Gamma Rays (Gamma Particles) | Discovery, Properties

Gamma rays or gamma radiation is a stream of high-energy electromagnetic radiation given off by an atomic nucleus undergoing radioactive decay.

Definition of Gamma Rays

Gamma rays are ionizing in nature, which means that they can release electrons from atoms. Gamma rays are biologically dangerous and can cause animal cells to decay. Usually, gamma rays have frequencies above 10 exahertz and energies over 100 keV, and wavelengths less than 10 picometers.

gamma rays

Detecting gamma rays are not as easy as detecting the other types of ray such as x-ray or light. A mirror cannot reflect it because of its high density, which allows it to pass through such devices undetected. The detection of gamma rays requires a special kind of detector, called a gamma rays telescope, which uses the Compton Scattering process to detect gamma rays.

Discovery of Gamma Rays

Discovery of Gamma Rays

Gamma radiation or gamma-ray is an extremely high-frequency radioactive radiation consisting of high-energy photons. It was first discovered by a French chemist and physicist, Paul Villard, in 1900. It was named gamma-ray by Ernest Rutherford in 1903.

British physicist Ernest Rutherford coined the term gamma-ray in 1903 following early studies of the emissions of radioactive nuclei. Just as atoms have discrete energy levels associated with different configurations of the orbiting electrons, atomic nuclei have energy level structures determined by the configurations of the protons and neutrons that constitute the nuclei.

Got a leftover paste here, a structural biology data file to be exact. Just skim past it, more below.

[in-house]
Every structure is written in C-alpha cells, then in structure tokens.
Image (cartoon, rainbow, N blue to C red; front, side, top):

While energy differences between atomic energy levels are typically in the 1- to 10-eV range, energy differences in nuclei usually fall in the 1-keV (thousand electron volts) to 10-MeV (million electron volts) range.

When a nucleus makes a transition from a high-energy level to a lower energy level, a photon is emitted to carry off the excess energy; nuclear energy-level differences correspond to photon wavelengths in the gamma-ray region.

Mechanism of Gamma Radiation Production

Mechanism of Gamma Radiation Production

The Gamma rays are produced in number of ways:

  1.  Thermal radiation: Only an extremely hot medium (T = 108 K) is likely to produce gamma radiation. Such media are extremely rare, and this process is not fundamental to the production of this radiation.
  2. Inverse Compton effect: During a collision with low energy photon, a relativistic electron can transfer a significant part of its energy to it. The photon can then have an energy of 100 MeV.
  3. The Synchrotron radiation: A relativistic electron spiraling through the force lines of a magnetic field radiates electromagnetic energy. Thus, energy electrons 3 × 108 MeV in a magnetic field of 3 × 10−6 Gauss will create gamma radiation. But, by radiating, the electrons lose energy: their lives are therefore limited.
  4. Bremsstrahlung or braking radiation: An electron passing near a nucleus is influenced by its Colombian field. The deceleration of the electron is accompanied by a loss of energy in the form of gamma radiation when the electron has a relativistic speed.
  5. Production of meson π 0: A meson can be produced during reactions of several types:
    1. Collision between two protons or a proton and alpha (helium nucleus).
    2. Collision between a proton and an antiproton; if the antimatter exists in the Universe, observing the gamma radiation produced is a method for detecting it. The meson (π0) then disintegrates into two photons.
  6. Nucleus de-excitation: Like an atom or a molecule, a nucleus has energy levels whose transitions between the least excited levels give gamma radiation. Such nucleus de-excitation may occur either during the interaction of a nucleus with neutrinos or during specific thermonuclear reactions.

Uses of Gamma Radiation

Uses of Gamma Radiation

Though gamma rays are bio-hazardous in nature, they can be controlled and used for various important purposes: